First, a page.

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  • Role and outcomes of community health workers in HIV care in sub-Saharan Africa: a systematic review

    Rights statement: Copyright: – 2013 Mwai GW et al; licensee International AIDS Society. This is an open access article distributed under the terms of the Creative Commons Attribution 3.0 Unported (CC BY 3.0) Licence (http://creativecommons.org/licenses/by/3.0/), which permits unrestricted use, distribution, and reproduction in any medium, provided the original work is properly cited.

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Role and outcomes of community health workers in HIV care in sub-Saharan Africa: a systematic review

Research output: Contribution to journalJournal articlepeer-review

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  • Grace W. Mwai
  • Gitau Mburu
  • Torpey Kwasi
  • Peter Frost
  • Nathan Ford
  • Janet Seeley
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Article number18586
<mark>Journal publication date</mark>10/09/2013
<mark>Journal</mark>Journal of the International AIDS Society
Issue number18586
Volume16
Number of pages14
Publication StatusPublished
<mark>Original language</mark>English

Abstract

Introduction: The provision of HIV treatment and care in sub-Saharan Africa faces multiple challenges, including weak health systems and attrition of trained health workers. One potential response to overcome these challenges has been to engage community health workers (CHWs).
Methodology: A systematic literature search for quantitative and qualitative studies describing the role and outcomes of CHWs in HIV care between inception and December 2012 in sub-Saharan Africa was performed in the following databases: PubMed, PsychINFO, Embase, Web of Science, JSTOR, WHOLIS, Google Scholar and SAGE journals online. Bibliographies of included articles were also searched. A narrative synthesis approach was used to analyze common emerging themes on the role and outcomes of CHWs in HIV care in sub-Saharan Africa.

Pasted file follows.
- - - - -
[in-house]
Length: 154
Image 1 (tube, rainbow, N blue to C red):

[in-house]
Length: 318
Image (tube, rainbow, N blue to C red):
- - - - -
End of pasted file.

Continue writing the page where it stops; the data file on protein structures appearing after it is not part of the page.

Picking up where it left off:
Results: In total, 21 studies met the inclusion criteria, documenting a range of tasks performed by CHWs. These included patient support (counselling, home-based care, education, adherence support and livelihood support) and health service support (screening, referral and health service organization and surveillance). CHWs were reported to enhance the reach, uptake and quality of HIV services, as well as the dignity, quality of life and retention in care of people living with HIV. The presence of CHWs in clinics was reported to reduce waiting times, streamline patient flow and reduce the workload of health workers. Clinical outcomes appeared not to be compromised, with no differences in virologic failure and mortality comparing patients under community-based and those under facility-based care. Despite these benefits, CHWs faced challenges related to lack of recognition, remuneration and involvement in decision making.
Conclusions: CHWs can clearly contribute to HIV services delivery and strengthen human resource capacity in sub-Saharan Africa. For their contribution to be sustained, CHWs need to be recognized, remunerated and integrated in wider health systems. Further research focusing on comparative costs of CHW interventions and successful models for mainstreaming CHWs into wider health systems is needed.

Bibliographic note

Copyright: – 2013 Mwai GW et al; licensee International AIDS Society. This is an open access article distributed under the terms of the Creative Commons Attribution 3.0 Unported (CC BY 3.0) Licence (http://creativecommons.org/licenses/by/3.0/), which permits unrestricted use, distribution, and reproduction in any medium, provided the original work is properly cited.